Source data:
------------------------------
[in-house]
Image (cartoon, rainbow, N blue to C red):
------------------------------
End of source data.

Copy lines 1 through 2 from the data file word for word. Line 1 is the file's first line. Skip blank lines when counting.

[in-house]
Image (cartoon, rainbow, N blue to C red):